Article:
512 1.3 × 10154 1.6 × 1068 5.2 × 1069 1.6 × 1071 5.2 × 1072 1.6 × 1074 5.2 × 1075 1.6 × 1076 8.8 × 1076 1.4 × 1077 1.9 × 1077
Table shows number of hashes n(p) needed to achieve the given probability of success, assuming all hashes are equally likely. For comparison, 10−18 to 10−15 is the uncorrectable bit error rate of a typical hard disk In theory, MD5, 128 bits, should stay within that range until about 820 billion documents, even if its possible outputs are many more.

It is easy to see that if the outputs of the function are distributed unevenly, then a collision can be found even faster. The notion of 'balance' of a hash function quantifies the resistance of the function to birthday attacks and allows the vulnerability of popular hashes such as MD and SHA to be estimated (Bellare and Kohno, 2004).

Digital signatures can be susceptible to a birthday attack. A message $m$ is typically signed by first computing $f\left(m\right)$, where $f$ is a cryptographic hash function, and then using some secret key to sign $f\left(m\right)$. Suppose Mary wants to trick Bob into signing a fraudulent contract. Mary prepares a fair contract $m$ and a fraudulent one $m\text{'}$. She then finds a number of positions where $m$ can be changed without changing the meaning, such as inserting commas, empty lines, one versus two spaces after a sentence, replacing synonyms, etc. By combining these changes, she can create a huge number of variations on $m$ which are all fair contracts. In a similar manner, she also creates a huge number of variations on the fraudulent contract $m\text{'}$. She then applies the hash function to all these variations until she finds a version of the fair contract and a version of the fraudulent contract which have the same hash value, $f\left(m\right) = f\left(m\text{'}\right)$. She presents the fair version to Bob for signing. After Bob has signed, Mary takes the signature and attaches it to the fraudulent contract. This signature then "proves" that Bob signed the fraudulent contract. This differs slightly from the original birthday problem, as Mary gains nothing by finding two fair or two fraudulent contracts with the same hash. Mary's optimum strategy is to generate "pairs" of one fair and one fraudulent contract. Then Mary compares each freshly-generated pair to all other pairs; that is, she compares the new fair hash to all previous fraudulent hashes, and the new fraudulent contract to all previous fair hashes (but doesn't bother comparing fair hashes to fair or fraudulent to fraudulent). The birthday problem equations apply where "n" is the number of pairs. (The number of hashes Mary actually generates is 2n.)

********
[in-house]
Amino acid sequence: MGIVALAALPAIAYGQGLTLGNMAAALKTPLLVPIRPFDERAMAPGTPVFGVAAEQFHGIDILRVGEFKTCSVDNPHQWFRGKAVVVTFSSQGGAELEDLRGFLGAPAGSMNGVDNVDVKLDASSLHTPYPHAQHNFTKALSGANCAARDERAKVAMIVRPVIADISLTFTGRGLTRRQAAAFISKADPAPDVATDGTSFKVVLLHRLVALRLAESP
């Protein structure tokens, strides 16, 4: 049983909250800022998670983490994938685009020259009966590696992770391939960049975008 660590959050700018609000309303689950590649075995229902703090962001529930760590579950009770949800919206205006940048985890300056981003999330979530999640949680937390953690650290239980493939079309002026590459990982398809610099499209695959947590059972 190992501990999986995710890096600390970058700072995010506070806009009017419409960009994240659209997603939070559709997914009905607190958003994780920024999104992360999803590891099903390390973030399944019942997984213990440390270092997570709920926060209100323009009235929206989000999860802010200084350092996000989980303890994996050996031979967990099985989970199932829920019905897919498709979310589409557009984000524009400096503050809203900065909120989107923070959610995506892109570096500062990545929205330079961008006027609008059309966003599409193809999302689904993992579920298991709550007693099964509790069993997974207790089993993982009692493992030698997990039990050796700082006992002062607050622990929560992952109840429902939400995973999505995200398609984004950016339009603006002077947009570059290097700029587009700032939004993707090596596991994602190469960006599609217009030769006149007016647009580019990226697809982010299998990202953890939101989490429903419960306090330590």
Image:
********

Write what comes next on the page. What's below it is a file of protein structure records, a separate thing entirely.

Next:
To avoid this attack, the output length of the hash function used for a signature scheme can be chosen large enough so that the birthday attack becomes computationally infeasible, i.e. about twice as many bits as are needed to prevent an ordinary brute force attack.

Pollard's rho algorithm for logarithms is an example for an algorithm using a birthday attack for the computation of discrete logarithms.